Buy-to-letAug 2 2017

Coventry sets out portfolio lending criteria

Search sponsored by
Coventry sets out portfolio lending criteria
BySimon Allin

Coventry has released details of additional lending criteria for portfolio landlords to be introduced from 14 September.

All of the lender’s existing buy-to-let (BTL) criteria will remain in place for the property being applied for, including minimum interest coverage ratio, maximum number of BTL properties per household and loan-to-value (LTV) limits.

In addition, Coventry will assess all the properties in the applicant’s portfolio by means of a downloadable form that will capture information such as the value of each mortgage, monthly mortgage repayments, monthly rental amounts and estimated property values.

A maximum LTV of 65 per cent will apply across the whole portfolio, alongside a minimum interest cover ratio (ICR) - including properties mortgaged with other lenders - of 125 per cent, based on a reference rate of 5.5 per cent.

No single property will be permitted to fall below an ICR of 100 per cent.

Portfolio landlords must have acquired their first BTL property more than 24 months before the current application, and no more than three properties prior to the current application should have been acquired within the last 12 months.

The rules, which apply to landlords with four or more properties, have been introduced ahead of the Prudential Regulation Authority’s deadline for stricter underwriting standards on 30 September.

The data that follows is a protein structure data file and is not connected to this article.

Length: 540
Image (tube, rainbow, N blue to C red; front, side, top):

Kevin Purvey, director of intermediaries at Coventry, said: “While intermediaries are adjusting to our new approach to portfolio landlords, we will of course be here to help. Brokers can visit our website for full details of the changes to lending policy and the application process, or call the intermediary support team.”

Nick Green, broker at Coventry-based Alternative Estates and Financial Services, said it was good that lenders were coming out with the information but expressed reservations about its impact on brokers’ workloads.

He added: “It will be a lot more work for us as brokers, so fees we charge clients may have to be reviewed. Also, the work involved for the lenders to underwrite is really going to restrict who has access to the products.

“I have one landlord with 55 properties – are they going to calculate every single one? How much time and effort, and how much paperwork will that be?

“All the lenders have to do this, but it is how strict they will be with the valuation, and it is down to the broker to give the right information and the client to give it to the broker. It will be an awful lot of data capture.”

A number other lenders have outlined their approach to portfolio landlord underwriting standards in recent weeks, including Accord, The Mortgage Works and Aldermore.